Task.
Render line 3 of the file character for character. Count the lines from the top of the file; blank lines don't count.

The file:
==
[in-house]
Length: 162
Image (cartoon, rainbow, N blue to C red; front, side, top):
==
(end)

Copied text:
Image (cartoon, rainbow, N blue to C red; front, side, top):